Columbia may not be the best team in the Ivy League heading into conference action, but they are certainly one of the most methodical, fascinating teams out there.
They can beat you in many different ways. Against Stony Brook on Thursday, Columbia exploited the 1-3-1 Stony Brook zone early in the second half and knocked down nine 3-pointers in the latter stanza. A Cory Osetkowski layup with 3:17 remaining was the first two-point field goal of the half. The Lions pulled away in the final minutes for a 68-63 win at home to improve to 10-6.
Here are five thoughts from the game:
1. “HE’S A SHOOTER!”
Stony Brook coach Steve Pikiell could be heard shouting those three words the moment Alex Rosenberg caught the ball with 17:50 remaining in the second half. He already had 19 points and had hit a long-range shot 25 seconds prior. Of course the 3 swished through the net to tie the score at 34. It marked the third straight game that Rosenberg, who wasn’t a starter at the beginning of the season, has hit the 20-point plateau. Rosenberg has developed into one of the most impressive players in the Ivy League, as Pikiell alluded to in his post game press conference. The 6’7” forward can shoot, dribble, and create his own looks. Against Elon he hit a game-tying buzzer-beater to send the Lions into overtime, and against Colgate he orchestrated a comeback that brought the Lions back from seven points down with less than two minutes to go. His stock is on the rise, and it’s coming at the right time.
Stony Brook is a great rebounding team, but you wouldn’t know it if you watched tonight. Columbia is ranked 253rd in the country in boards but outrebounded the Seawolves 35-25, holding SBU to 14 below their average. Here’s another interesting stat to throw at you. Columbia’s best rebounder isn’t Cory Osetkowski, Alex Rosenberg, or Luke Petrasek, it’s point guard Isaac Cohen, who pulls down 5.9 per game. He had a career high 14 against St. Francis Brooklyn on Saturday. Second on the team is shooting guard Maodo Lo with 4.4. The Lions have a lot of size, but their talent often serves more than one function, which is why they are fascinating and dangerous.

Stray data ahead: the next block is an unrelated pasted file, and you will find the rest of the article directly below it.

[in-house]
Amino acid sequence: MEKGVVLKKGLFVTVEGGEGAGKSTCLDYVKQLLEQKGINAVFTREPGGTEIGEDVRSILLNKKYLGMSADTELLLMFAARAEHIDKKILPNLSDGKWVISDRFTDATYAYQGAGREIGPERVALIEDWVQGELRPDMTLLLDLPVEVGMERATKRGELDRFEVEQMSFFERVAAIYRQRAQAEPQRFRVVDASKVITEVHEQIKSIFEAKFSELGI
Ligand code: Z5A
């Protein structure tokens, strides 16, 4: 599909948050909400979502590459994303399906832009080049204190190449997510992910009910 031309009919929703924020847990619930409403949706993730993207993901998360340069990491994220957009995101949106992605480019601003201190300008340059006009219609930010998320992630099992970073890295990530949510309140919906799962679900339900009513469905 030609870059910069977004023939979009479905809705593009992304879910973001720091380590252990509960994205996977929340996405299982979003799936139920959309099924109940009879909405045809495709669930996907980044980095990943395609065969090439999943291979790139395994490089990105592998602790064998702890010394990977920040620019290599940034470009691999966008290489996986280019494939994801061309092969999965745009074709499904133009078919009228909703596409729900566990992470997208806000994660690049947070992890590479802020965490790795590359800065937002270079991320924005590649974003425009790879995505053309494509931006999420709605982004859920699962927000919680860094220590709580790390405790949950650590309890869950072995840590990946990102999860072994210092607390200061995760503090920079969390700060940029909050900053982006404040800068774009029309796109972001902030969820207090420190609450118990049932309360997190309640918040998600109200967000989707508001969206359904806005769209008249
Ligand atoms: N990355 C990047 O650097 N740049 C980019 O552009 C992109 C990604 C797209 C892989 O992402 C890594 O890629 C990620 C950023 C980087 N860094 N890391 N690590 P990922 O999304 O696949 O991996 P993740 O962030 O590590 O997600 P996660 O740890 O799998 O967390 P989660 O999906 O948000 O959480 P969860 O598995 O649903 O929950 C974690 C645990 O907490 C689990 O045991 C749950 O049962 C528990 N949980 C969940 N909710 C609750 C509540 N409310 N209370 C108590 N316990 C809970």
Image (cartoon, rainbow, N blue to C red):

3. Three Point Shooting and Free Throw Shooting
The Lions are on pace to have their best three point shooting season ever, and they continued it again tonight. They have guys that if they are open, it’s not even a question. Maodo Lo, who finished with a career-high 29, was 7-11. Rosenberg is shooting 52% from downtown this season. Lo is at 49%. If you let Grant Mullins get his feet set, you may as well not even try to rebound. Free throw shooting is the same situation. Columbia is shooting 74%, good for 40th in the country. The Lions are a dangerous team because they’ll make free throws down the stretch, and they’ll make threes. It’s hard to comeback against a team like that.
4. Maodo Lo
What else is there to say about this guy? He’s a sophomore but he plays like a senior. He makes his threes. He drives to the basket. He finds open players. You couldn’t ask for a more polished player. Columbia may not have the most talent this season, but having players like him give people the idea that next year might be something special since every player is expected to return.
5. What It Means
Columbia is 8-1 at home, with the lone loss coming on a fluke and-one to a really good Manhattan team. Tonight was the Lions’ best win of the season, coming off their previous best win against St. Francis. They have 10 wins before conference play and will get to 11 after playing non-Division I Central PA on Saturday. A win like this goes a LONG way toward in playing in the postseason, whether it be the NCAA tournament, NIT, CBI, or CIT. Momentum is Columbia’s friend right now. They open up conference play against Cornell, who is 0-13, the only DI team without a win (though they should pick it up against Oberlin on Saturday). There’s no reason that Columbia doesn’t stay competitive in the Ivy League this season. I’m by no means predicting a magical run, but they definitely could keep things fun, and get enough wins to qualify for a postseason tournament.
Sam Blum is a writer for Big Apple Buckets. You can follow him on twitter @SamBlum3.